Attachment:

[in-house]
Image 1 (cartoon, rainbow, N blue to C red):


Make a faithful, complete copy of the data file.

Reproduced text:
[in-house]
Image 1 (cartoon, rainbow, N blue to C red):